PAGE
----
Trump also esca­lat­ed his attacks on media. He said the press, which he described as being com­posed of “thieves and crooks”, may be even more cor­rupt than the rival whom he has repeat­ed­ly derid­ed as “Crooked Hillary”. The Ivy League-edu­cat­ed Trump, who lives in an ornate pent­house on Fifth Avenue in New York, also slammed jour­nal­ists as being out of touch with work­ing Amer­i­cans, say­ing: “The media is enti­tled, con­de­scend­ing and even con­temp­tu­ous of peo­ple who don’t share their elit­ist views.” He warned vague­ly of those who “rig the media” and said: “They can wield absolute pow­er over your life, your econ­o­my, and your coun­try.”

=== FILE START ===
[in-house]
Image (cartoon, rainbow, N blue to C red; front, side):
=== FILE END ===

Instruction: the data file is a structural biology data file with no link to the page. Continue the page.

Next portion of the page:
In addi­tion, Trump com­plained at his ral­ly, which was broad­cast live on cable news: “Some­times I’ll have these great events and it isn’t cov­ered.” . . . .

8. News that Trump is trail­ing in the polls has been treat­ed by his fol­low­ers as jour­nal­is­tic dis­hon­esty, expressed with the Ger­man term “lugenpresse”–lying press.

” . . . . On Sat­ur­day night [18], a new and for­eign accu­sa­tion came to the fore: ‘Lügen­presse!’

The term, which means ‘lying press’ in Ger­man, has a his­to­ry dat­ing back to the mid-1800s and was used by the Nazis to dis­cred­it the media. In recent years, it has been revived by Ger­man far-right anti-immi­grant groups. And on Sat­ur­day, it made an appear­ance at a Trump ral­ly in Cleve­land, Ohio. . .